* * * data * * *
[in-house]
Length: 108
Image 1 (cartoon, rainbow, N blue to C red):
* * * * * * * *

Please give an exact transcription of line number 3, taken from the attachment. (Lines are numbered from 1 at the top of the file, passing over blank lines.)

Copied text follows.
Image 1 (cartoon, rainbow, N blue to C red):